March 11, 2017
Gatchalian to Palace: Defend Benham Rise
Senator Win Gatchalian on Thursday urged the Duterte administration to aggressively defend the Benham rise in the face of reported Chinese intrusions into the area.
"We are now only beginning to discover the true potential of the Benham Rise to make unique contributions to our country's ecological and economic prospects. The government must take immediate action to defend our exclusive sovereignty over the Benham Rise to ensure that this potential will be developed and utilized to benefit the Filipino people," Gatchalian said.
Earlier the week the Senate Committee on Economic Affairs, chaired by Gatchalian, manifested it's support for the creation of a multi-agency authority to develop a long-term policy framework on how to tap and manage the resources of Benham Rise and solidify the country's interest in the underwater landmass at the panel's hearing on Senate Bill No. 312.
SBN 312, authored by Senator Sonny Angara, seeks the creation of a Benham Rise Development Authority (BRDA), to be an attached agency of the National Economic Development Authority (NEDA), in order to spearhead intensive scientific research and exploration in Benham Rise, identify its economic potential, and take the lead in formulating and implementing a development roadmap aligned with the country's Philippine Development Plan.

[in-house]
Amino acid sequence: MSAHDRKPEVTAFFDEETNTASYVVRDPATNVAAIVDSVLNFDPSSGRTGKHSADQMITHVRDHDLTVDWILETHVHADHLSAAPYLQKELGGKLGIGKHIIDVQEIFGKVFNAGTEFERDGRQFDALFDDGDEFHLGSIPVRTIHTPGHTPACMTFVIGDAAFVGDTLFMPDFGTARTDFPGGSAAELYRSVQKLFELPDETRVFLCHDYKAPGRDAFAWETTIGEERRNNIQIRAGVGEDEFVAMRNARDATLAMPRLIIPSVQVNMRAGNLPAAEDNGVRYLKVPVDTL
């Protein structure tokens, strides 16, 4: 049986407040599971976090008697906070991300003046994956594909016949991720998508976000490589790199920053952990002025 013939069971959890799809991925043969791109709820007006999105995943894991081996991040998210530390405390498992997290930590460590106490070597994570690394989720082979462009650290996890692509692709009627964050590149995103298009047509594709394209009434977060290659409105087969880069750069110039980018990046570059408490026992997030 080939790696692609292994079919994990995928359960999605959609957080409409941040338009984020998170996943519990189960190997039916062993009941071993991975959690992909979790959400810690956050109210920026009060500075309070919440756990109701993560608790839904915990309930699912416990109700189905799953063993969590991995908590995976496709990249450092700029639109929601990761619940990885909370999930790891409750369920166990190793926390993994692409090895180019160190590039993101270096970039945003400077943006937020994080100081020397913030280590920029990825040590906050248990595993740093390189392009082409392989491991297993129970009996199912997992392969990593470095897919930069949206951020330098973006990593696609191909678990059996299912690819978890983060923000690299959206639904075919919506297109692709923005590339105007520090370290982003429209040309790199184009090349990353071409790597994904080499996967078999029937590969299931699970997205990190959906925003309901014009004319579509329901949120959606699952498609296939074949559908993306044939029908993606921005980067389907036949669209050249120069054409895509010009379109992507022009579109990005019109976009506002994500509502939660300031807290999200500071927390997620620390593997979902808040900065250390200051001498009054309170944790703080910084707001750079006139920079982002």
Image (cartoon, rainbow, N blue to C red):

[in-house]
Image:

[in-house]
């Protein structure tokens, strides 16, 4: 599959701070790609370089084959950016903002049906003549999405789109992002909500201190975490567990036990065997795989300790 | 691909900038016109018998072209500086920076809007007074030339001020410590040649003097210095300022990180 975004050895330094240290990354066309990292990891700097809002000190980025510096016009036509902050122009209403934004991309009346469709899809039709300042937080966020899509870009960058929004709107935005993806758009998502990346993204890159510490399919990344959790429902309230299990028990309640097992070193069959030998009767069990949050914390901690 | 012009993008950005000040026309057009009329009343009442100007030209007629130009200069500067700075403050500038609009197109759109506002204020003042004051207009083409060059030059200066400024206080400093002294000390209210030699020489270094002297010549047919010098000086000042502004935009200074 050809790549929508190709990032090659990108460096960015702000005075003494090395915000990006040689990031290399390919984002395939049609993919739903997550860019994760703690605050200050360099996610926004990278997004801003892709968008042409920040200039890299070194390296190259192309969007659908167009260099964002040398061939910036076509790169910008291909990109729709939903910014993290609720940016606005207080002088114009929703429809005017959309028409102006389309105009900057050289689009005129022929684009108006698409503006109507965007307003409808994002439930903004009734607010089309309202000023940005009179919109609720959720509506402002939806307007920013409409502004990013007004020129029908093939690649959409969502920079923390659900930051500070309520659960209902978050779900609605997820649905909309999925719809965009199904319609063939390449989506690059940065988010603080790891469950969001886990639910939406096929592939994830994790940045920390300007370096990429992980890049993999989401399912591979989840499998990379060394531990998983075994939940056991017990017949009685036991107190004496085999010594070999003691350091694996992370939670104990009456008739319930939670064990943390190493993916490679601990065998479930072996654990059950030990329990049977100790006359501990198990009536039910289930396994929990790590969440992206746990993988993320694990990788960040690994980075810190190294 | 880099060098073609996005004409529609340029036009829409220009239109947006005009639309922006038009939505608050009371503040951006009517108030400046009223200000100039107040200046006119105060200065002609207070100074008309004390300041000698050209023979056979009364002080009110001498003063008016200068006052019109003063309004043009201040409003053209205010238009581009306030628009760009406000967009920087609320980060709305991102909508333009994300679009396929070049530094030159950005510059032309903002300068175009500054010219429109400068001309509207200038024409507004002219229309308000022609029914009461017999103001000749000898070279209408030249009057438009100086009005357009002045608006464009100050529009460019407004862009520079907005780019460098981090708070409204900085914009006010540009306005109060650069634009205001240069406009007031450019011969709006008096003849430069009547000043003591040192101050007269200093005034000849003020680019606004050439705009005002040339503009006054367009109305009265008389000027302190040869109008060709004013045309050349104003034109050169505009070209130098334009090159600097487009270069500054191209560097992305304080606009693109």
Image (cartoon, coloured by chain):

Among other things, the senator stressed the importance of the conduct of deep-sea explorations to determine the Benham Rise's potential as an energy source, noting reports that it has vast natural gas deposits and mineral resources, like manganese. In addition, Gatchalian said there is a need for government, in partnership with private organizations, to conduct more studies on Benham Rise to discover its full economic potential.
Benham Rise is a 13 million-hectare underwater landmass that is about 250 kilometers off the coastline of Aurora province. It was discovered in 1933 and officially became part of the Philippines in 2012 when the UN Commission on the Limits of the Continental Shelf ruled that under the UN Convention on the Law of the Sea (UNCLOS), the Benham Rise area was contiguous with the country's continental shelf and fell under its exclusive economic zone. It stressed that Benham Rise is undisputedly part of Philippine territory.
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